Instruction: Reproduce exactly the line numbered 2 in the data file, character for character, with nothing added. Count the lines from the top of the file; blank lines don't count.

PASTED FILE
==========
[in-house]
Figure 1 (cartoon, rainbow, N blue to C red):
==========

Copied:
Figure 1 (cartoon, rainbow, N blue to C red):